Are two identical documents considered to be “in a family”?  Only if their entire family’s are identical.  This most frequently happens when the same document is uploaded multiple-times by-itself , although it will also occur when the exact same email file (with an attached document) is uploaded more than once.  Note: Each of these situations is blocked if deduplification is enabled.

The results of the search display document families grouped together and separated by white space.  In this example, 2 families are shown: each comprised of a single email and their single attachment.

This feature does not pull any documents into your results that did not match your query, but instead does exactly what is promised: group the results of your search.  For example, a hit in an attached Word document would not lead to the Email that attaches it being included in the set, unless the email itself also matched the search criteria.  Should you require the capability to pull in related (non-matching) documents, options are available via “Bulk Actions” to accomplish that goal.

Similar to any other sorting option with document search:  The order documents are displayed on screen may be relied on to be the same order than any Bulk Actions (including Bates Assignment, etc) will be carried out.

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Import status (“Batch” documents upload) in DiscoveryCloud and TrialCloud has been updated to streamline reporting and enhance issue detection and handling.

The “batch list” page has a simplified look, allowing 2x the previous quantity to be conveniently displayed at a time, along with quick visual cues to make statuses obvious at a glance.  The status-bar provides a visual diagnostic of processing results for each batch.  Click on a section of the bar to view the corresponding portion of the processing logs.


Marking a batch as “Resolved” will update it’s status and gray out the status bar to make it a little less eye catching.


Remembering that “Batch 9” is the zip of files you found on Terry’s PC is a bit of a pain.  Providing a name for the batch gives you a handy moniker to be used throughout the interface.

Batch Status Reporting

Available when your batch has completed:  Download a full report of actions or the specific actions you are interested in (i.e. only the documents/issues that recommend follow-up action to be taken).


The link for “Normal” actions only is pictured above – To download only the “Warnings” for example, a similar link may be found on the “Warnings” tab.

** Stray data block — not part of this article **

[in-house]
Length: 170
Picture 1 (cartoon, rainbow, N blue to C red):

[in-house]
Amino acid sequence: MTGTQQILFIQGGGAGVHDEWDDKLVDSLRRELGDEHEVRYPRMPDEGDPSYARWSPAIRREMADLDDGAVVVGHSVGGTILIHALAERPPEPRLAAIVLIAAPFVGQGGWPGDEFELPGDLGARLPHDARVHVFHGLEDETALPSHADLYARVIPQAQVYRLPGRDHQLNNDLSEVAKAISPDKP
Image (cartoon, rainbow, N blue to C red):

The download is a csv listing the actions taken and (where available) links to the related document in the interface, providing you with a convenient starting point for resolving any issues encountered.


We’re excited about what these changes immediately bring to the table for Batch-status reporting and error resolution, as well as the future enhancements these underlying changes will enable in the future.

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Along with numerous back-end architectural enhancements, last night we introduced a set of keyboard shortcuts to improve Reviewer efficiency when moving through a large set of documents.  A cheat-sheet is available via a link in the upper-right corner of the screen while reviewing documents.



Shortcuts have been made available for the most common coding operations, as well as page & document navigation options.



Alt + Ctrl + R Responsive
Alt + Ctrl + N Non-Responsive
Alt + Ctrl + F Requires Follow-Up
Alt + Ctrl + P Privileged
Alt + Ctrl + C Clear Coding


Alt + Ctrl + U Update
Alt + Ctrl + Enter Update & Next


Alt + Ctrl + Up Arrow Previous Page
Alt + Ctrl + Down Arrow Next Page
Alt + Ctrl + Left Arrow Previous Document
Alt + Ctrl + Right Arrow Next Document


Alt + Ctrl + H Show Help Menu


“Alt + Ctrl”?  Why the game of keyboard-Twister?  The catch here is that your browser is also “listening” for the keys you’re pressing and reacting to certain special combinations.  Some browsers like to react more to “Control”, others “Command”, and others “Alt”.  This combination of keys gets us into our own space while using keys that are (on many/most keyboards) located near enough to each other to make the combination practical… with a little practice.

These new options allow you to quickly update a document’s status and move on to the next in the stack.